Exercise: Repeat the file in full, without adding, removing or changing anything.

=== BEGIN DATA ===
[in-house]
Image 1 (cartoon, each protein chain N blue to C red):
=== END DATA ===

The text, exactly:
[in-house]
Image 1 (cartoon, each protein chain N blue to C red):